Now, I’ve talked a lot about having fun and enjoying the game a good deal. This much is true. There are a few things though that aren’t quite as good. Remember how I mentioned that the opening was 50 minutes long? I only know that because that’s the first opportunity I had to save the game, from what I can recall. Being able to save the game is also doubly important, because as of right now the NPC that can save your game is also the only one who can allow you to exit the game. Even alt-f4 won’t close the game for you. It has been said already, however, that an option for a “quick exit” will be added in with a patch on May 25th, so at least it’s being addressed.
The other issue is that with 15 different characters at your disposal, that’s a heck of a lot of items, skills, attributes, etc., to deal with. Sure, compared to a lot of other RPGs, the number of items each character wears is very minimal. There are slots for weapons, shields, orbs that act as armor, and 3 accessory slots. After 27 hours of gameplay, I have so many accessories and ingredients that it’s hard to compare items. The enhancements also don’t seem to be the same across the board, so 2 identical items can wind up being very different in the end. I stayed with it for a while but eventually just gave up and ignored that aspect of the game. In fact, as mentioned previously, after some time I no longer even considered swapping out party members, I just ran the same 4 characters through all the missions, except in sidequests that required a certain person to participate. This is not bad, in and of itself, it just seems wasteful. I feel like I should be utilizing everyone more, and I certainly could, but there doesn’t seem to be much need. The silver lining, however, is that the game truly is good at allowing the casual player to pick up and play it without having to worry about all that management, but it’s still there if you want to work your way through it.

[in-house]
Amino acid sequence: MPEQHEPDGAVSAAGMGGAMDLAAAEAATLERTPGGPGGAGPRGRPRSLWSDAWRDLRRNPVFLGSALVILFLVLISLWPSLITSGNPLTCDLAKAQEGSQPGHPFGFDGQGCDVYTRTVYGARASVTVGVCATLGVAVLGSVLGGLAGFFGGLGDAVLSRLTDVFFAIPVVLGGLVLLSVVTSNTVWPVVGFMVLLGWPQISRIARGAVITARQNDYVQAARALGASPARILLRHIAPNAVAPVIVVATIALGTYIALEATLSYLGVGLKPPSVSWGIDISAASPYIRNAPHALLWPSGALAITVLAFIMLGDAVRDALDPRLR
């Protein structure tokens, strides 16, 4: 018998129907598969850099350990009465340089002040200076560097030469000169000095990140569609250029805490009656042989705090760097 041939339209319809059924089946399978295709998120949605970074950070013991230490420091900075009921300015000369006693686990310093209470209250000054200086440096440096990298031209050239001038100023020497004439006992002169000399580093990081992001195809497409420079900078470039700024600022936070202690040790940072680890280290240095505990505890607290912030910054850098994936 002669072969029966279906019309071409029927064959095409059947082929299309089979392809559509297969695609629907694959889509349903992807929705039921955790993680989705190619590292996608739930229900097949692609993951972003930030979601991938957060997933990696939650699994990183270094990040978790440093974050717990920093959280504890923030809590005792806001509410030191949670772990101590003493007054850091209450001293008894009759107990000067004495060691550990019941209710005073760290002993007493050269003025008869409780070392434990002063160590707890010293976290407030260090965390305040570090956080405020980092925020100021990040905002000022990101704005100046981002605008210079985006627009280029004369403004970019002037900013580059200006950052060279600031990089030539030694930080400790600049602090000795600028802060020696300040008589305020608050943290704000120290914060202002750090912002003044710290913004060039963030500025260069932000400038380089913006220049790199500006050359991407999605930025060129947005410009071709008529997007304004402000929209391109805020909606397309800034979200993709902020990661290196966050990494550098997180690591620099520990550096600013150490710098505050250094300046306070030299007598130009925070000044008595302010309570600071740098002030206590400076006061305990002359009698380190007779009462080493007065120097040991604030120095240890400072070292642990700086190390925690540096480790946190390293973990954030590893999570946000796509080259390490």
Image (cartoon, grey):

So, how was my experience after such a long time away from the series? Overall, it was very good. I was rather surprised by how much of it was familiar to me, especially considering the time gap and Dragon Quest not being nearly as popular here as it is in Japan. The combat was fun and engaging enough to keep me busy. The story was intriguing enough to keep me wanting to see it through to the end, even if I did have to cut it a little short to get a review out. The RPG elements, for the most part, mix really well. It has certainly put Dragon Quest back on my radar, whether it’s part of the main series or a spin-off like this one. I really enjoyed playing Dragon Quest Heroes II, and I think most players will as well.
Developer: Omega Force
Publisher: Square Enix
Platforms: PS4, PS3, PS Vita, Switch, PC
Release Date: 28th April 2017